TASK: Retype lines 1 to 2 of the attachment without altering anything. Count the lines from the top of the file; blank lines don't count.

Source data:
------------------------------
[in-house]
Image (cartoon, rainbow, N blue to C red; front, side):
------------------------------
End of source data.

[in-house]
Image (cartoon, rainbow, N blue to C red; front, side):